Consisting of two acrylic halves stitch-welded together, the magazine is actually an important part of the shooter protection system. In the event of a blown case, the clip-on magazine base plate is designed to break away, allowing propellant gas and any rounds in the magazine to escape out the bottom. Some gas would also be deflected out through the ejection port by the face of the bolt.
After experiencing blown .17 HMR cases in other rifles in the past, I hope another is not in my future but if it is, this is the rifle I would want to be shooting when it happens.
The Alexander Arms AAR-17 is set up to handle 17- and 20-grain .17 HMR ammunition available from CCI, Federal, Hornady and Winchester. Regardless of the brand, the ammo burns dirty and leaves a lot of residue behind so the chamber should be dry-brushed every 100 rounds or so to assure positive functioning. A 6mm brass bore brush bent at a 90-degree angle works fine for this. Solvent and a .17-caliber brush should be used to clean the bore every 200 rounds or more often should malfunctions occur.
To avoid accuracy-destroying damage to the rifling at the muzzle, the bore and chamber of the barrel should be cleaned from the chamber end. Doing so is made easy by using a Delrin cleaning rod guide made specifically for the AAR-17 upper by Sinclair International.
A 200-round break-in session is recommended to further smooth contact points of various parts and as it is with all semiautomatic rifles, cleanliness and the proper amount of lubrication applied in the right places is important for smooth sailing.
During accuracy testing I found the mil-spec trigger a hindrance to top accuracy. It traveled through an abundance of gritty creep before finally breaking at eight pounds, and that made squeezing off each shot not only challenging but tiring as well.
I could have switched out the trigger for a target unit but doing so requires the installation of a heavier buffer (available from Alexander Arms for $25), and I did not have one on hand. I was told that reaching the exact spring-to-mass balance required of the gun is essential and decreasing hammer mass and spring force by installing a lighter trigger without installing the heavier buffer can cause excessive bolt speed, which in turn plays havoc with fired case ejection. If I were to order one of these rifles I would most definitely specify the Alexander Arms or Jewell target trigger.
During my accuracy tests I did experience a couple of smokestacks, but they were quickly cleared. With that program out of the way I squeezed off 200 rounds as fast as I could aim and pull the trigger. Accuracy suffered very little from an extremely hot barrel, but I did experience two cases that split from the mouth to about a third of the way back on their bodies. Neither caused a malfunction, and a bit of smoke flowing out the ejection port caused harm to neither rifle nor shooter.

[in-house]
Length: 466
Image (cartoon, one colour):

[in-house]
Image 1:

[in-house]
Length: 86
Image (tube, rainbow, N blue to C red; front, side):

I had several stoppages during the rapid-fire session when the hammer followed the bolt to battery rather than hanging back and waiting to be released by a squeeze on the trigger. Manually cycling the bolt quickly got the rifle back into action.
My only explanation for this is I got lazy and allowed the rifle to run a bit too dirty. Giving the rifle a good cleaning eliminated the issue. There were no jams inside the action, but if one was to happen it would be nice to have a bolt catch that can be manually engaged to hold open the bolt during clearing. The standard AR-15 catch is there but it is inoperable with the AAR-17 upper.
Magazines proved to be easy to load, even on the 10th round. Cartridges fed from it to the chamber like silk on silk.
The AAR-17 is available as a complete rifle or the upper assembly only. An instruction book included with the latter explains how to install it on any good mil-spec lower. Don't buy either expecting to save money due to the lower cost of .17 HMR versus .223 Remington because it is so much fun to shoot you will likely find yourself banging away every single dollar in your savings account.
- Type: blowback-operated AR
- Caliber: .17 HMR
- Capacity: 10+1
- Barrel: 18 in., w/six-groove, 1:10 twist rifling
- Overall length: 36.75 inches
- Weight: 7.25 pounds
- Finish: black matte
- Stock: six-position collapsible
- Sights: none; Picatinny rail for sight mounting
- Trigger: mil-spec, 8 lb. pull; optional target trigger available
- Price: $1,648 (as tested); standard rifle, $1,175; standard upper only, $725
- Manufacturer: Alexander Arms
- Smallest avg. group: 17 gr. Federal TNT — 1.04 in.
- Largest avg. group: 20 gr. CCI Gamepoint — 1.49 in.
- Avg. of all ammo tested (6 types) — 1.33 in.
- Notes: Accuracy results are averages of five five-shot groups fired at 100 yards from a sandbag rest after a 200-round break-in.